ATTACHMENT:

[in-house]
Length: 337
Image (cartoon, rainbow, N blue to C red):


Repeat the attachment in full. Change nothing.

[in-house]
Length: 337
Image (cartoon, rainbow, N blue to C red):